The rights of children with disabilities are specifically recognised in article 23 of the CRC, but the Convention on the Rights of Persons with Disabilities (the Convention) and its Optional Protocol establishing a complaints procedure expand these rights. These treaties were adopted on 13 December 2006 and entered into force on 3 May 2008. Together, they challenge the medicalisation of disability which locates the “problem” with the individual - a problem to be met with charity. Instead they focus on the human rights of persons with disabilities.
In other words, they recognise that it is not individuals’ impairments that are disabling as such; but rather the attitudes and environment around them that are disabling and stop them from accessing society. This puts the onus on the State and others to guarantee their rights and provide avenues for redress where these are violated.
All the rights recognised in the Convention apply to children with disabilities, and in fact, the number of specific references to children in the Convention is second only to the CRC among the UN’s core human rights conventions.
In this context, in 2011, CRIN launched the Children’s Rights Wiki (the Wiki), an online tool which brings together all information about children’s rights country by country, as part of our efforts to draw attention to all violations of children’s rights globally. The Wiki includes extracts of recommendations issued by UN human rights mechanisms, such as UN special procedures and treaty bodies, including the Human Rights Committee, highlighting violations of children’s rights.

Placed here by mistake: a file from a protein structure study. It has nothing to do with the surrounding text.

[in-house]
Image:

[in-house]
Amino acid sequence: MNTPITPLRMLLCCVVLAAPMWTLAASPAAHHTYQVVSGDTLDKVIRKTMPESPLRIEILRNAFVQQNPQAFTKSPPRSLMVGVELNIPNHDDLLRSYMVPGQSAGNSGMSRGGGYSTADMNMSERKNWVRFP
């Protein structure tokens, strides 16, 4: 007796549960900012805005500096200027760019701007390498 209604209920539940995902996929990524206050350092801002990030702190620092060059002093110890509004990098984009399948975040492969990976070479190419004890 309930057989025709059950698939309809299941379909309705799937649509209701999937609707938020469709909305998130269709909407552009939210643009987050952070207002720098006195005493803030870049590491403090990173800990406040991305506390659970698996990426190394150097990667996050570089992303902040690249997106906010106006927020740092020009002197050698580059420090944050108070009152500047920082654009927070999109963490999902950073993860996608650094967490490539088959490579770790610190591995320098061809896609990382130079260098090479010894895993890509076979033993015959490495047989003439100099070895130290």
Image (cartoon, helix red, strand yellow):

The aim is to draw a clear picture of persistent violations of children’s rights in a given country, as raised by the UN human rights mechanisms, with the eventual goal of matching them with avenues of redress. Equally, the extracts reveal gaps in reporting on certain violations of children’s rights by civil society.
This analysis of children’s rights in the concluding observations and general comments of the Committee looks at how the Covenant is interpreted for children by the Committee, focusing on the most frequently raised violations as well as those that are rarely - if ever - addressed.
The aim is twofold: we hope to encourage the Committee to address all children’s rights and to help advocates strengthen their reporting on children’s rights issues.
The analysis is evolving, rather than comprehensive, and is meant as a starting point for others to take on. We welcome comments at [email protected].